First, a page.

President Barack Obama called for a focus on expanding “opportunity for all” in his State of the Union address Tuesday, marking Democrats’ latest efforts to combat income inequality. But the speech was light on new legislative proposals. In fact, aides conceded there was really only one: an expansion of the Earned Income Tax Credit (EITC) for childless low-wage workers.
The Earned Income Tax credit, a refundable credit designed to offset the cost of social security taxes and incentivize work, has primarily benefited poor working families since it was enacted in 1975. More than 27 million families and individuals received about $62 billion through the EITC in 2011, according to the IRS. Individuals with three children can earn a maximum credit approaching $6,000; low-income workers without kids receive a little under $500.
Obama wants to change that.
“There are other steps we can take to help families make ends meet, and few are more effective at reducing inequality and helping families pull themselves up through hard work than the Earned Income Tax Credit,” Obama said. “Right now, it helps about half of all parents at some point. But I agree with Republicans like Senator Rubio that it doesn’t do enough for single workers who don’t have kids. So let’s work together to strengthen the credit, reward work, and help more Americans get ahead.”
Each year the federal government has tweaked portions of the Earned Income Tax Credit, families have reaped the benefits. In 1993, President Clinton signed the largest EITC expansion, which allowed childless workers over 25 access to the credit and increased the credit for families with two or more kids and individuals with three. But ever since, childless singles have been largely left out. In 2009, as a provision of the economic stimulus package, the EITC was expanded for families with three or more children and married couples.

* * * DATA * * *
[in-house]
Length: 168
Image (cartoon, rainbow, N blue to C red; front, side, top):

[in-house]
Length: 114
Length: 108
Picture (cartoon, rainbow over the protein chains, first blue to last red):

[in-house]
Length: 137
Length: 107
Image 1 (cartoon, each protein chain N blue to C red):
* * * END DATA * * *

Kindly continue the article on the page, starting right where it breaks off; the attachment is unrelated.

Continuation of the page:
Expanding the EITC, for families and childless individuals, when paired with an increase to the minimum wage, has been touted as a way to curb both poverty and income inequality. But, not all are interested in expanding the credit. On the 50th anniversary Lyndon B. Johnson launching of the War on Poverty, Sen. Marco Rubio (R-Fla.) proposed replacing the earned income tax credit with a direct wage subsidy that would offer more cash to low-wage workers. Senior administration officials say the Rubio proposal, while not something Obama would endorse, could be a sign that Republicans are willing to consider an expansion of the EITC along the lines that Obama has proposed.
When it comes to executive actions Obama touted in his address, nearly all had already been announced, except for a so-called “starter” retirement savings account for millions of employees who don’t have employer-provided retirement planning. Obama only vaguely sketched out the savings account proposal in his speech, but will provide more details on the proposal in Pittsburgh on Wednesday. Senior administration officials said that just through the president’s executive action, employers will be able to provide simple and safe retirement accounts for their employees. Workers would be able to invest in safe Treasury bonds, and later transfer their retirement savings to a traditional retirement account.